Genome alignment
Entering edit mode
7 weeks ago
Matt • 0

Hey everyone,

So, I'm having a little bit of trouble with some subjects.

The first is understanding the importance of aligning the RNA-seq data to its reference genome. I know it can tell me similarities and differences between them. But what does it actually mean?

Second, what the assembly of the transcripts can tell me?

Third, what's the importance of Orthology analysis?

Fourth, gene ontology and metabolic pathway enrichment, why should we analise it?

And the last one is what Hierarchical clustering do?

I'm just starting with Bioinformatics, and I'm trying to understand it better.

Thank you for your time.

RNA-seq transcriptome • 224 views
Entering edit mode
7 weeks ago
Mensur Dlakic ★ 15k

I don't think this forum is meant to educate people on 5 general questions, all asked in the same post. It would take more than 10 minutes for most people to properly answer what you are asking, and that may be too much. Instead, you can search this site using the keywords from your questions, or even google them.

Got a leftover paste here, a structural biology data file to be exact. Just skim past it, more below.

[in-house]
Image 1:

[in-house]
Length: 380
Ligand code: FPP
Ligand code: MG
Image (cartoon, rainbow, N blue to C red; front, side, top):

I'll try to get things going by answering the first two questions, and maybe someone else will pick up the rest.

We can think of genes in DNA as a collection of recipes. Sequencing genomic DNA tells us about the total inventory of genes within a given organism. Just like most people don't make every single dish from the recipe book, not all the genes are expressed at any given time. To answer your second question, assembling RNA transcript tells us which genes were ON (transcribed, and therefore sequenced when we do RNA-seq) and which ones were OFF (not transcribed, and therefore are not found among RNA-seq contigs). However, the RNA-seq assembly doesn't tell us the expression level of each of the genes. We can found out about that by mapping individual reads to the reference genome, which answers your first question. Generally speaking, the more reads are mapped to a given DNA region, the more expressed a particular gene is.


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